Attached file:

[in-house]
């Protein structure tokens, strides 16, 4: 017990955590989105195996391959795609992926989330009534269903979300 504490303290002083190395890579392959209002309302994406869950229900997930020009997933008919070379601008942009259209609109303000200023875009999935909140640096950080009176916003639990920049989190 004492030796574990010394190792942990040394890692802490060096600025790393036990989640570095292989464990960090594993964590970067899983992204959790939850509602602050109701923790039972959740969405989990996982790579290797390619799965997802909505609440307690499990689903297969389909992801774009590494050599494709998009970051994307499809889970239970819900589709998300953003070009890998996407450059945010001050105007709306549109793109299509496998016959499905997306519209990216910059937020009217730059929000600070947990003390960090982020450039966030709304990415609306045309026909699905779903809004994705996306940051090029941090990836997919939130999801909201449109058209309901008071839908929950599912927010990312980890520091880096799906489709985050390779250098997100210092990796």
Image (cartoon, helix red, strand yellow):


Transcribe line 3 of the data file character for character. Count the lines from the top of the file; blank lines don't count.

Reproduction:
Image (cartoon, helix red, strand yellow):